The problems we face in life are akin to ones inside computers, since life could very well be a simulation. When entrepreneurs mention iterating and pivoting faster than their competition, they are talking about simulation. Up till now, I’ve done a poor job experimenting in my own life. While I tend to daydream about other ways of living, I haven’t put enough effort into pushing the boundaries of my existence. I have a profound disappointment in my progress. That’s probably why my last post came across as cynical, because I was talking about everything, not just programming. It’s naive of me to think I can fix any part of the problem, much less the rest of it. But maybe I write because I’m hopeful that in some way, I can do exactly that, by throwing a little fuel on the fire.

The problem as I see it is that the industry has backed itself into a corner and can’t even see that the way forward requires thinking outside the box.


I’m going to get a little abstract now because what I propose is not really a well-formed concept. Arthur C. Clarke said that “any sufficiently advanced technology is indistinguishable from magic.” Well, we know there is no magic bullet. But that’s no excuse to just throw our hands in the air and give up. Maybe the problem only seems intractable. Our brains obviously work. Somehow nature iterated over billions of years and came up with us. We shouldn’t have to wait that long. We can learn from ourselves and go beyond our original programming. For all of our technical prowess and left-brain success mastering technology, it lacks feeling. There is no place for introspection in computing, and no spark, no meaning. Technology is the antithesis of zen. Maybe we should recognize technology’s limitations, come to peace with that, and just do our best. There may never be a magic bullet, but maybe with tools already at our disposal, we can design a sufficiently advanced one that it won’t matter.

I can hear the groans now: “you can’t fix technology with less technology!” or “how can we trust computers if we don’t understand how they work?!” Or something perhaps more relevant: “if computers start programming themselves, we’ll be out of a job!”

I sympathize with all of these arguments. But do we really completely understand how computers work even now? We may know some of the theory but we are fooling ourselves if we think we can watch the hardware and software and not learn something. It’s like life before having children. We can’t picture a world right now where computers are our peers, or at the very least, able to do many of the things that we do now. But once it happens, we won’t be able to picture what life was like before. That’s a frightening thought, but people have been having children for millennia. And whether we like it or not, we’re pregnant. Nine years from now (or nine decades, whichever timespan you use), we’re going to create artificial life. And it’s going to be ok.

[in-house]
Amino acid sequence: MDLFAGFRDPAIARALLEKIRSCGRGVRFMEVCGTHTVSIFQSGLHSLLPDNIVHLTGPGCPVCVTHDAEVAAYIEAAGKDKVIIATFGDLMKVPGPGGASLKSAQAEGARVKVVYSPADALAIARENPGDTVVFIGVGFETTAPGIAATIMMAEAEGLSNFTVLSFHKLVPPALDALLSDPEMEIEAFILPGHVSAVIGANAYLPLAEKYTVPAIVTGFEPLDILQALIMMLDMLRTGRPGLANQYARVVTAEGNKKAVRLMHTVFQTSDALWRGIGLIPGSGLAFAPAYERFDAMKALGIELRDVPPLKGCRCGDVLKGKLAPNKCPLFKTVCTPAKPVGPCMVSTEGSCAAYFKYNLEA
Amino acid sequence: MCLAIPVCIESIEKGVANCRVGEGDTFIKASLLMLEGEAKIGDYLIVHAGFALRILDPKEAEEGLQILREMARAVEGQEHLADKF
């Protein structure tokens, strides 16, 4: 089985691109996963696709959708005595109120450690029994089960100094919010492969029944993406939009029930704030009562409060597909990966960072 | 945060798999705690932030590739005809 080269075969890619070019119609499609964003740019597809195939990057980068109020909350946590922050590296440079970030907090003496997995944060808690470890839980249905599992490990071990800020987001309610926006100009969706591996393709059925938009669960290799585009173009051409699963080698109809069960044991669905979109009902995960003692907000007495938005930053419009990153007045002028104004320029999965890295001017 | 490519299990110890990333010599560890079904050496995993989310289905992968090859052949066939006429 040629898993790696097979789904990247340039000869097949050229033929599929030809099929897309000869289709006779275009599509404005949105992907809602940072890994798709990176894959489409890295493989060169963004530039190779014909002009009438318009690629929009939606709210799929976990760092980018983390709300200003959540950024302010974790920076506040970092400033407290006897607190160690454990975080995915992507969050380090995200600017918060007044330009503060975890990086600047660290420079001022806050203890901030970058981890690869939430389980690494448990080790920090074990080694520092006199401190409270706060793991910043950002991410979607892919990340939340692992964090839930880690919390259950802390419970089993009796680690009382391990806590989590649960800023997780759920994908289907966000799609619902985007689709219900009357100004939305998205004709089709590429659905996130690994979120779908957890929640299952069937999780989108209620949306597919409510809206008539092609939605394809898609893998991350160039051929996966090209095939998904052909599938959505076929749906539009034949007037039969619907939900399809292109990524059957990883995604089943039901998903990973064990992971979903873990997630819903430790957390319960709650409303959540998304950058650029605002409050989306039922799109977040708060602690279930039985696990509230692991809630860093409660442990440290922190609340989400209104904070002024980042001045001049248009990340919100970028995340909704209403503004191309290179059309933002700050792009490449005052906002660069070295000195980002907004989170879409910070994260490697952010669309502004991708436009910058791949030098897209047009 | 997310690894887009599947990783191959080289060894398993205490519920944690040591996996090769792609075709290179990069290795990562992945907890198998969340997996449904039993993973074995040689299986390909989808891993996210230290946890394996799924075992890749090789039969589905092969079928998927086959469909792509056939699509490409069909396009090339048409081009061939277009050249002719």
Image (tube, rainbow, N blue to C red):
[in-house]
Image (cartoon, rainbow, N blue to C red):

It’s hard to imagine what form this life will take. For some reason, we have a hard time understanding how we break down a problem into a series of simpler steps. Existence is all encompassing for us. We don’t tend to separate our conscious mind from something like image recognition when we read. We forget the years we spent listening to the mutterings of people around us to learn language. We are made up of a hierarchy of networks utilizing other networks, built on yet other networks. All evolving in real time, hungry for knowledge and doing their darnedest to do a good job and be part of the conversation. But we don’t even know they exist, because we are all of them simultaneously. For a little background on what I’m talking about, take a look at this presentation by Ben Goertzel on OpenCog. It’s an open source project to simulate intelligence as hundreds of software agents working in parallel.

One of the most promising learning systems right now is probably MOSES, which from what I understand works like genetic algorithms but instead of a fixed fitness function, uses probability to direct evolution. This is part of a family of similar algorithms like simulated annealing and ant colony optimization. I have a hunch (though I can’t prove it) that we’ll eventually end up with a graph of graphs made up of hyperlinks (honestly not much different from the internet), with something akin to virtual ants walking the links at say 100 Hz initially. There will be something like neurotransmitters that feed or penalize portions of the graph depending on current conditions in the real world. You can think of it like thousands of people pushing the Like button on something interesting and triggering a flood of others to the food. There will be other processes at work to simulate cell death or damage to the network and the random formation of connections. But only a finite number of processes, each of which is easily understood. And this will all be simulated in something kind of like Apple’s Time Machine, where the current state of the network is smeared backwards and forwards in time (really along other dimensions because the connections would be based on time), with something like MOSES evolving these networks and subnetworks and rejoining them to the current state as they perform better, much like how quantum and chemical reactions let our 100 billion neurons compete and cooperate in parallel.

You can make a strong argument right now that the internet is already acting much like a living thing, except that its lowest level neuron is a human. That will begin to change as more of the functions are carried out by artificial intelligences like Siri. Eventually a few decades from now, we’ll probably see intelligence evolve from the web as an emergent phonomenon that no longer needs human interaction to function.

Which is why I feel that we don’t need to come up with an overarching theory of intelligence. In fact, by pouring research into ever more sophisticated mathematical models of learning, we may actually be hindering our progress. Because that stuff is exclusionary. So few people understand it, and so many people feel like they are on the outside looking in, that those efforts will almost certainly fail. Not to be hard on Watson, but who cares if we write a program that can play Jeopardy if that’s all it can do? The interesting problem, and the one that nobody has solved yet, is how do we write a program that can write Watson?